I had the great thrill over the week to perform as part of the Paul Sanchez Rolling Road Show at the Voodoo Experience in New Orleans. The three day music extravaganza takes place under the live oaks in beautiful City Park. Sanchez asked me to read from New Atlantis: Musicians Battle for the Future of New Orleans at the beginning of his set on the Preservation Hall stage. I read about my return to New Orleans after hurricane Katrina as the band played the melodic swells of “At the Foot of Canal Street” behind me.
Composer Howard Skempton is one of the mainstays of British contemporary classical music. He is an experimental composer who writes in a style completely his own, un-deflected by trends in composition or performance. Having developed, under the tutelage of Cornelius Cardew, a musical style characterised by its elegance and simplicity, Skempton’s catalogue of compositions is now extensive and diverse.
Coffee shops are in the news, but where did it all begin? Perhaps with this man, Pasqua Rosee (fl 1651-6), who opened London’s first coffee-house at St Michael Cornhill. Rosee’s coffee-house was a shed in St Michael’s churchyard. Here served “two or three dishes” of coffee “at a time twice or thrice a day.” Rosee’s coffee-house was a shed in St Michael’s churchyard.
If a theater noob polled a group of theater fans on what classic musicals she must see to jumpstart her theater education, you would be hard pressed to find a fan without The Phantom of the Opera on their list. The show, which opened at Her Majesty’s Theatre in London on 9 October 1986, has left an undeniable impact on London’s West End, Broadway, and theater in general.
Few characters in the history of cinema, if any, are more iconic than Ian Fleming’s debonair super-spy, James Bond; few, too, can boast of any comparison to the equally iconic music which accompanies the intrepid agent 007’s exploits. Since the series’ beginning, the Bond films have been marked by exceptional music, including contributions from Paul McCartney, Shirley Bassey, Louis Armstrong and Madonna, and, of course, John Barry’s instantly recognizable “James Bond Theme.”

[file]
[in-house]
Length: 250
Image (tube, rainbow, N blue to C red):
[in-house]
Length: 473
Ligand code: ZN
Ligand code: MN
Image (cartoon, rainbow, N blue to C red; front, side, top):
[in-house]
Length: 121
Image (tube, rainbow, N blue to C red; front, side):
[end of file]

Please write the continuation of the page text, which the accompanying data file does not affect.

News broke of the killing of Ambassador Christopher Stevens and three other Americans in Libya followed by numerous protests throughout the Arab World while Tariq Ramadan was in the United States to discuss one of the most important developments in the modern history of the Middle East, the so-called Arab Spring. One of the world’s leading Islamic thinkers, Tariq Ramadan, he has won global renown for his reflections on Islam and the contemporary challenges in both the Muslim majority societies and the West.
Who we are is a story of our self–a narrative that our brain creates. Like the science fiction movie, we are living in a matrix that is our mind. But though the self is an illusion, it is an illusion we must continue to embrace to live happily in human society. In The Self Illusion, Bruce Hood reveals how the self emerges during childhood and how the architecture of the developing brain enables us to become social animals dependent on each other.
What is cheating? What drug compounds for performance enhancement are legal and why? Why do the sports drug classification systems change all the time? If all the chemical were legal, what effect would this have on sport? Biochemist and author Chris Cooper explores the biological, moral, political, and ethical issues involved in controlling drug use in sports.